Your Rights as a Criminal Defendant

You have numerous rights under the Federal Constitution and the Washington State Constitution.We want you to have a basic understanding of your rights so that you are empowered to exercise them. If you are facing criminal charges, hire a criminal defense attorney so that you can mount a strong legal defense and ensure your rights are protected. Here are some of your rights.

The Fourth Amendment

Creates the right to be free from unlawful search and seizure. In general, you have the right to refuse a search of your property or vehicle in the absence of a valid search warrant. However, if law enforcement officers have a search warrant or a valid exception to your Fourth Amendment right is present, you must submit to the search.

The Fifth Amendment

The right to remain silent. This amendment grants us the right against self-incrimination. If you are being questioned by law enforcement regarding a crime, it is usually in your best interest to remain silent. You do not have to answer questions posed to you by law enforcement. When talking to the police never lose sight of the fact that anything you say may potentially bolster the State’s case against you and/or harm your ability to defend yourself against criminal charges. Be polite but firm in your desire to remain silent.

Your right to remain silent extends to situations when being interrogated by law enforcement and when testifying in legal proceedings.

The Sixth Amendment

This amendment guarantees criminal defendants a number of rights, including the right to a speedy and public trial, by an impartial jury of the state and district wherein the crime shall have been committed.

This amendment also guarantees the right to be confronted with witnesses against you and to have compulsory process for obtaining witnesses in his favor.  You have the right to cross-examine any witness proffered by the State. Further, you have the right to proffer your own witnesses in support of your defense.

Other Rights

The right to be presumed innocent unless and until the State proves each element of the crimes charged beyond a reasonable doubt.

The presumption of innocence is a constitutional principle. To secure a conviction, the State must prove each element of the crime(s) charged beyond a reasonable doubt. This is the highest legal standard.

The right to an attorney.

You have the right to be represented by an attorney during any police interrogation and during any legal proceeding. Exercise this right. If you do answers questions, your attorney will be there to protect your rights and ensure you do not offer statements that will bolster a criminal case against you.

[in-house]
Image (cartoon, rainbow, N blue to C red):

Also, know that once you ask for an attorney the police are no longer supposed to interrogate you until your attorney is present.

The laws encompassing the rights afforded by the U.S. Constitution and Washington State Constitution are complex and nuanced. Hire a criminal defense attorney to advocate for your rights and mount a strong defense against aggressive prosecution.

What You Need to Know About Shoplifting

If you have been accused of shoplifting, the first thing you should do is gather all the information you can to know just what you are up against. In Washington, the crime of shoplifting, like other theft charges, is classified based on its level of severity.

Classification of Theft

Theft in the 1st Degree: If the value of the property or services exceeds $5,000 (with the exception of a firearm or vehicle), it will be classified as 1st degree theft. As a Class B felony, the penalty will include a 10 year max jail sentence and a $20,000 fine.

Theft in the 2nd Degree: If the property or services stolen is valued between $750 and $5,000. This is classified as a Class C felony and can be punished with up to 5 years in jail and a fine of $10,000.

Theft in the 3rd Degree: If the property or service stolen is valued at less than $750, it is classified as a 3rd degree theft. This is a gross misdemeanor and can be punished with a maximum of 364 days in jail and a $5,000 fine.

Usually, shoplifting falls under the classification of 3rd degree theft, but that depends on the value of the things that you are accused of taking. To plan an adequate defense strategy your lawyer may ask you the following questions:

  • Were you in the store when stopped?
  • Had you already passed the checkout or register area of the store?
  • Were you carrying a personal bag?
  • Was it a mistake and you had intended to pay?
  • Where were the items recovered from?
  • Did you make any statements or admissions, and to whom?

If you or someone you know has been accused of shoplifting, contact the Charles Johnston team.